The House of Representatives approved a deal Tuesday night to keep the United States from heading over the edge of the so-called "fiscal cliff."
The measure was brought to the House floor less than 24 hours after its passage Tuesday morning in the Senate. Failure to reach an agreement would have meant widespread tax increases and deep spending cuts.
The House approved the deal by 257-167, with 85 Republicans joining 172 Democrats in voting to allow income taxes to rise for the first time in two decades, according to CNN.
Voting no were 151 Republicans and 16 Democrats.
The bill was expected to be signed quickly by President Obama.
The agreement, brokered by Vice President Joe Biden and Senate Minority Leader Mitch McConnell (R-Ky.), passed the Senate 89-8 in a highly unusual New Year’s morning vote, according to The Washington Post.
The plan maintains tax cuts for individuals earning less than $400,000 a year and couples earning less than $450,000, marking the first time in two decades the rates jump for the wealthiest Americans, according to CNN.
At the same time, the deal will protect more than 100 million households earning less than $250,000 a year from income tax increases that had been scheduled to take effect Jan. 1, according to the Post.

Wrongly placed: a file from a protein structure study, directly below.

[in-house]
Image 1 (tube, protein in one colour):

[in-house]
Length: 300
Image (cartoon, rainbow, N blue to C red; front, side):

The bill also extends unemployment insurance and delays for two months a series of automatic cuts in federal spending, CNN reported.
The deal came together after negotiators cleared two final hurdles involving the estate tax and automatic spending cuts set to affect the Pentagon and other federal agencies this week, according to the Post.
Republicans gave in on the spending cuts, known as sequestration, by agreeing to a two-month delay in budget reductions that would be paid for in part with new tax revenue, a condition they had resisted. And the White House made a major concession on the estate tax, agreeing to terms that would permit estates worth as much as $15 million to escape taxation by the end of the decade, Democrats said.
- Compiled by Reagan Haynes